- What’s next for Russia after spilling so much blood for Bakhmut? (New York Times)
- Wagner chief's feud with Russian military cracks Putin's image of control (Wall Street Journal)
- Russia’s Wagner boss says more than 20,000 of his troops died in Bakhmut battle (AP)
- Sudanese stuck in war zone after U.S. destroyed their passports (Washington Post)
- As protesters die in Peru, a nation’s security forces face little scrutiny (New York Times)
Utah AG and Division of Consumer Protection sue over illegal robocalls
Utah Attorney General Sean D. Reyes, representing the Utah Division of Consumer Protection, a division within the Utah Department of Commerce, sued Avid Telecom, its owner Michael D. Lansky, and Vice President Stacey S. Reeves today for allegedly initiating and facilitating billions of illegal robocalls to millions of people and violating the Telephone Consumer Protection Act, the Telemarketing Sales Rule, and other federal and state telemarketing and consumer laws. Avid Telecom sent or transmitted more than 7.5 billion calls to telephone numbers on the National Do Not Call Registry between December 2018 and January 2023 – more than 72 million of which went to numbers in Utah. (Read More)
Bipartisan group of former governors asks Utah Supreme Court to reject extreme partisan gerrymandering
A bipartisan group of former governors, represented by the States United Democracy Center and former Utah state legislator David R. Irvine, P.C., is urging the Utah Supreme Court to hold that extreme partisan gerrymandering violates the state constitution. The group filed a friend-of-the-court brief in League of Women Voters of Utah v. Utah State Legislature, supporting a challenge to congressional maps adopted by the Utah legislature. (Read More)
Western Caucus members introduce legislation to stop the Biden administration’s land grab
Last week, Rep. John Curtis (UT-03), Western Caucus Chairman Dan Newhouse (WA-04), and Rep. Russ Fulcher (ID-01) introduced legislation alongside 10 of their Western Caucus colleagues to direct the Bureau of Land Management (BLM) to withdraw the proposed rule titled “Conservation and Landscape Health.” This rule undermines FLPMA’s multiple-use requirement for BLM lands and would hinder access to public lands for energy and critical mineral development, grazing, forest management, and recreation. With more than 90% of BLM’s 245 million acres located in the West, the rule would have an outsized effect on Western states and their residents. (Read More)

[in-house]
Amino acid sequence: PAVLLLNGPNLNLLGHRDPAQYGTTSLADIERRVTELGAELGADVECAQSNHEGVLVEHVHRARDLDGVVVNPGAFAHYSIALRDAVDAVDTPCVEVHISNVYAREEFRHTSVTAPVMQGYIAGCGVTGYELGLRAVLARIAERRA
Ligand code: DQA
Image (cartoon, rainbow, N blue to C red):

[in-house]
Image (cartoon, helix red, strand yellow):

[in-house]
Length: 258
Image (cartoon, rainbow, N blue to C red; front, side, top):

Number of the Day
Tweet of the Day
- Northern Utah Conference to End Sexual Violence — May 31, USU Eccles Center, 8:30 am-4:00 pm, Register here
- Intellectual Property Rights webinar with the Orrin G. Hatch Foundation — June 1, 10:00 am, Register here
- Bolder Way Forward Launch — June 9, 9 am-1 pm, Zions Technology Campus, Register here
- Interim Days — June 13-14, Utah State Capitol, le.utah.gov
On This Day In History
- 1775 - John Hancock is unanimously elected President of the Continental Congress.
- 1844 - Samuel Morse taps out "What hath God wrought" in the world's first telegraph message.
- 1878 - Lillian Moller (Gilbreth) is born. She completed a doctoral degree at Brown University with 4 young children at home. Her dissertation, Psychology of Management, was foundational to the field of organizational psychology. She is remembered as the “mother of modern management,” who balanced a trailblazing professional career while raising twelve children.
- 1883 - Brooklyn Bridge is opened.
- 1898 - Helen Taussig is born. A pediatric cardiologist and first woman full professor at Johns Hopkins (1959), she helped create the Blalock-Taussig shunt, a surgical technique which corrected “blue baby” syndrome, and contributed to the ban on thalidomide in the 1960s.
- 1943 - Final entry in the Stroop Report, detailing the destruction of the Jewish Warsaw Ghetto, compiled by Nazi officers, later used as evidence in the Nuremberg trials
- 2021 - Constitutional crisis deepens in Samoa after Speaker of the House shuts out Fiame Naomi Mata’afa from being sworn in as the country's first woman leader in 56 years
- 2022 - Mass shooting at an elementary school in Uvalde, Texas.
Quote of the Day
"If we merge mercy with might, and might with right, then love becomes our legacy and change our children’s birthright.
So let us leave behind a country better than the one we were left.....
For there is always light, if only we’re brave enough to see it.
If only we’re brave enough to be it."
On the Punny Side
What is the medical diagnosis for owning too many dogs?